Wednesday, November 26, 2008

Swimming Upstream


The Lehmann Letter ©

President-elect Obama is doing all he can to build confidence that his administration will hit the deck running on January 20, 2009. His economic team is in place and he has made clear that stimulating economic recovery, not deficit reduction or balancing the budget, is his first priority.

Good for him. Everyone wishes him well.

But the statistical news remains grim. Yesterday the Bureau of Economic Analysis (BEA) confirmed that GDP fell in the third quarter. The announcement also said ( “Profits from current production (corporate profits with inventory valuation and capital consumption adjustments) decreased $14.6 billion in the third quarter, compared with a decrease of$60.2 billion in the second quarter.” As a matter of fact, corporate profits were lower than at any time since the fourth quarter of 2005, almost three years ago.

The BEA also reported that consumption expenditures dropped by one percent in October ( “Personal income increased $42.4 billion, or 0.3 percent, and disposable personal income (DPI) increased $45.1 billion, or 0.4 percent, in October, according to the Bureau of Economic Analysis. Personal consumption expenditures (PCE) decreased $102.8 billion, or 1.0 percent.” Despite income growth, consumers reduced spending. That’s a clear sign of the fear and uncertainty that grips households. They’d rather build their balance sheets than spend their income.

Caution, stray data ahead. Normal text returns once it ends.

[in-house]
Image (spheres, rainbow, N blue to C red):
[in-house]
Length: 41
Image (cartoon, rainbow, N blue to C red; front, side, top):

Today the Census Bureau released new-home sales data for October ( “Sales of new one-family houses in October 2008 were at a seasonally adjusted annual rate of 433,000, according to estimates released jointly today by the U.S. Census Bureau and the Department of Housing and Urban Development. This is 5.3 percent (±15.0%)* below the revised September of 457,000 and is 40.1 percent (±9.9%) below the October 2007 estimate of 723,000.”

Home sales are 40% below last year’s level and about a low as they were in the 1900-91 recession. Almost 20 years of gains are gone.

The Census Bureau also reported ( “New orders for manufactured durable goods in October decreased $12.7 billion or 6.2 percent to $193.0 billion, the U.S. Census Bureau announced today. This was the largest percent decrease in new orders since October 2006 and followed two consecutive monthly decreases including a 0.2 percent September decrease…..Nondefense new orders for capital goods in October
decreased $2.4 billion or 3.6 percent to $65.6 billion.”

Durable-good manufacturing has stalled, especially new orders for nondefense capital goods. This is a leading indicator of business capital expenditures.

There you have it: Profits, consumer spending and business capital expenditures are all down sharply. The new president is doing what he can to instill confidence in the forthcoming administration, but he’s clearly swimming upstream.

© 2008 Michael B. Lehmann

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